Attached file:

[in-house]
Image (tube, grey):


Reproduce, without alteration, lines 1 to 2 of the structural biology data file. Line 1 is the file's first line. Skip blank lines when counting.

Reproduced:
[in-house]
Image (tube, grey):